Oakland, Calif.-based media streaming startup Orb Networks has been acquired by Qualcomm, (s QCOM) and is now winding down its operations in the coming months. A notice on Orb’s home page, first spotted by Engadget, only states that Orb’s team and technology have been acquired by a large strategic partner, but GigaOM has since learned that Orb actually got acquired by Qualcomm back in May.
Orb had been making software to transcode and stream web videos to DLNA-capable devices, and also released its own media streamer in 2010. The company also figured out a way to use the Blu-ray drive of Sony’s PS3 to run its own media streaming software, effectively turning the game console into a more complete media center.
However, Orb’s solutions were always a bit clunky. One of its biggest selling points was that it offered access to free Hulu content and other videos not available on connected devices. The tradeoff to access these videos was that users had to transcode them on their PCs, and as more content made its way to connected devices, consumers had less of a reason to jump through these kinds of hoops.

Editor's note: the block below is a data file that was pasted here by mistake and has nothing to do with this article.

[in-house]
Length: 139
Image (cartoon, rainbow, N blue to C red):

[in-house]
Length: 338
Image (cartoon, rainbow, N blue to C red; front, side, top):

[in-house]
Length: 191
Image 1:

A post on Orb’s support forums explained that the company will not provide any bug fixes or updates to its software anymore. Orb’s server infrastructure will be shut down by the end of 2013.
I’ve reached out to Qualcomm, but haven’t heard back. But the acquisition seems to complement the chip maker’s vision for the connected home. Qualcomm’s Atheros unit has been working on various connected home and media shifting initiatives, including its Skifta audio streaming engine and its Alljoyn P2P home networking layer.
Orb raised a total of $4 million from Morgenthaler Ventures in 2010. There’s no word on how much Qualcomm paid for the company, but I’d be surprised if it was more than the typical acquihire.
Check out my 2010 interview with Orb Networks CEO Joe Costello below: